Named Entity Recognition without Labelled Data: A Weak Supervision Approach

Manual annotations are expensive and they are usually limited to a certain domain. The performance of NER taggers often rapidly degrades when applied to a different domain. What if not a single bit of annotated data is available? In this paper, the authors present a cold start method for NER without labelled data.


They designed several labelling functions, which can be an existing tagger or some rule-based systems like a gazetteer, to generate silver labels. These functions are noisy, so they propose a clever way to aggregate the noisy annotations. Their aggregation is a HMM, in which the states are true labels and emissions are silver labels from each labelling function. This HMM is trained with Baum-Welch algorithm, which is a variant of EM algorithm. To make use of the aggregated annotations, CE loss of the prediction and probabilistic annotations are applied.

Their F1 on CoNLL03 is over 71% which is promising given that no gold data is used.

Overall Recommendation

  • 5: Transformative: This paper is likely to change our field. It should be considered for a best paper award.
  • 4.5: Exciting: It changed my thinking on this topic. I would fight for it to be accepted.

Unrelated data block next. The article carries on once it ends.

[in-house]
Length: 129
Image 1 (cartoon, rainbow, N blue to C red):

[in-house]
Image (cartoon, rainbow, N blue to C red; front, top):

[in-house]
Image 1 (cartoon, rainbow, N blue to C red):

• 4: Strong: I learned a lot from it. I would like to see it accepted.
  • 3.5: Leaning positive: It can be accepted more or less in its current form. However, the work it describes is not particularly exciting and/or inspiring, so it will not be a big loss if people don’t see it in this conference.
  • 3: Ambivalent: It has merits (e.g., it reports state-of-the-art results, the idea is nice), but there are key weaknesses (e.g., I didn’t learn much from it, evaluation is not convincing, it describes incremental work). I believe it can significantly benefit from another round of revision, but I won’t object to accepting it if my co-reviewers are willing to champion it.
  • 2.5: Leaning negative: I am leaning towards rejection, but I can be persuaded if my co-reviewers think otherwise.
  • 2: Mediocre: I would rather not see it in the conference.
  • 1.5: Weak: I am pretty confident that it should be rejected.
  • 1: Poor: I would fight to have it rejected.